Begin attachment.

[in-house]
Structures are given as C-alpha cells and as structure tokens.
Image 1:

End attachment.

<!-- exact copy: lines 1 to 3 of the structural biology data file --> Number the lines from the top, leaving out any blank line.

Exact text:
[in-house]
Structures are given as C-alpha cells and as structure tokens.
Image 1: